The U.S. flu season is just beginning, and can last until May (with peak infections hitting between December and February). While it’s far too early to predict the severity of this year’s flu season in the U.S., physicians are encouraging everyone to vaccinate ahead of the anticipated peak infection times.
The following flu prevention resources from the CDC serve as a guide for healthcare workers, teachers, and concerned parents seeking additional flu-related facts and information.
The important role that nurses play in our society cannot be overstated. From their bedside manner to their deep medical understanding, nurses have long been the backbone of our health care system. Now, many nurses are transitioning to a new and influential role: nurse entrepreneur.
With unique insight into what the health care industry needs, nurse entrepreneurs can create businesses that help patients and nurses. Many nurses have successfully made the shift from practicing nursing to running a business, and their nursing skills play a big role in their ability to perform well.
WHAT EXACTLY IS A NURSE ENTREPRENEUR?
Nurse entrepreneurs apply their nursing backgrounds and professional experiences to create businesses in the health care industry. Much like other entrepreneurs, they identify a need in the marketplace and conceptualize and build a business that fills that need. They may offer independent nursing services, such as patient care or consulting, or create and sell medical devices or home health care products. Others take on writing or coaching roles.
Just like any entrepreneur, nurse entrepreneurs usually take on a great deal of risk because starting a company always comes with the possibility of financial loss. They may have to work to find investors and experts to help them successfully launch their business.
The Nurse Buff blog has recommended identifying a problem in the health care field that you have the skills to fill, creating a business idea to help alleviate the problem, identifying your target market and studying your competition before you start a nursing business. In short, like any person launching a business, nurse entrepreneurs should carefully research and consider their moves to ensure they bring the right product or service to the right audience.
It will take long hours and undoubtedly some setbacks to get the business off the ground. Entrepreneurship is no easy task, but nurses seem to be up for the challenge. In fact, for many nurses, entrepreneurship helps them avoid nurse burnout and apply their skills in new and exciting ways. Whatever the specific nurse entrepreneur idea, it’s easy to see how nursing skills can help professionals easily transition to running a business.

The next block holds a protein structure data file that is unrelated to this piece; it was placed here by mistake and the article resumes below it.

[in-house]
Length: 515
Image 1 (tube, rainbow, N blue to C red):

TRANSLATING A NURSING BACKGROUND TO BUSINESS
Research based on data from Census Bureau and the Internal Revenue Service between 2007 and 2014 revealed that entrepreneurs were 125% more successful if they had previous jobs, especially in the field where they were starting a business. That means, nurses have a good chance of succeeding when launching nursing related businesses given their background in the health care field.
Many nursing skills translate nicely into entrepreneurship. Outside of all the scientific knowledge nurses must possess, they also have a plethora of skills they use in their professional nursing careers that help them transition perfectly into the entrepreneur role. Here are a few:
Nurses must be able to communicate with professionals and patients from a wide range of backgrounds daily. This helps them when they start a business because they’re able to connect easily with various stakeholders and customers.
Nurses learn to be incredibly organized because their patients’ well-being depends on it. These organizational skills make them incredible business leaders who can keep track of many moving pieces.
Nursing and entrepreneurship are similar in how they throw curveballs constantly. Nurses have to think on their feet and adapt quickly, traits that allow them to be successful business owners.
Nurses have been on the front lines of the health care industry and understand it in a way that outsiders simply can’t compete with. As mentioned above, this experience makes them exceptionally prepared to be successful entrepreneurs.
Long shifts, tough situations and the drive to help others give nurses perseverance that is hard to match. Nurses know that challenges will be put in their path, and they’re skilled at finding ways to overcome them. This is an admirable trait in an entrepreneur.
BUILD YOUR NURSING SKILLS
A great step to consider when making the transition from nursing to business is expanding your horizons in the classroom. Furthering your education with a bachelor’s degree can give you experiences that you can apply to both your nursing career and future business ventures.